Since the UK voted to leave the EU in March 2017 there has been considerable uncertainty amongst EU citizens living in the UK as to what rights they will be entitled to post-Brexit. The initial publication of the UK’s negotiating position on Brexit in June provided little clarity of these rights, and alluded to a new ‘settled status’ which will be available to those qualifying EU citizens in the UK after ‘Brexit day,’ 29 March 2019.
Put briefly, the paper outlined a new status, similar to that of Indefinite Leave to Remain (ILR), which would be open to those EU citizens who have been resident in the UK before a specified date, and have completed a period of 5 years’ continuous residence in the UK. The scope of the new status was vague, and there was little detail provided on how the application process would work, lending little reassurance to those EU citizens living in the UK.
The government has now published further details in a ‘technical note’ setting out how EU citizens will apply for this new status, and under what criteria they will be eligible to do so. It is accompanied by a government press release in which Amber Rudd explains that she ‘hope[s] this document provides some further reassurance’ that EU citizens are looking for. This article examines what clarification the government document provides for the future of these citizens, if any.
What does it say?
The ‘technical note’ starts by acknowledging that the current Home Office system which is in place for processing EU applications is not fit to carry on as it is after we leave the EU. In recognising this, they are ‘designing a streamlined, user-friendly, digital application process’ that aims to cut the lengthy waiting times that current users are experiencing when waiting for EU resident documents.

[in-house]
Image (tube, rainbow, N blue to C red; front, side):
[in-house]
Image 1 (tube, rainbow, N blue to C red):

Details on how this new process will work are added to from what we already knew from the publication of the UK’s initial negotiating position. The document confirms details such as the 2-year grace period after we leave the EU in which we allow a window of time to apply for the new ‘settled status’, as well as the creation of a ‘temporary status’ for those who have not yet accrued the five years continuous residence necessary for settlement before the end of the grace period.
The cost for applying for this status ‘will not exceed the cost of a British passport’ (currently £72.50) which is not dissimilar from the current £65.00 charge to apply for permanent residence. Those who already have an EEA permanent residence document will be charged a ‘reduced fee,’ although there is no mention of exactly what reduction will be offered. Some will undoubtedly question why another fee is necessary at all. Further, whilst ‘the previous residence assessment will not be re-done’ for those with permanent residence, there will be a ‘security check and confirmation of ongoing residence.’ It is unclear what these security checks will involve, although the EU will also certainly question why they are necessary, and the ongoing residence checks may have implications for EU citizens who have left the UK for long periods of time after gaining permanent residence.